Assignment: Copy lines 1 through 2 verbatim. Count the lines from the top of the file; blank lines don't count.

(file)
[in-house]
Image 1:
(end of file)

[in-house]
Image 1: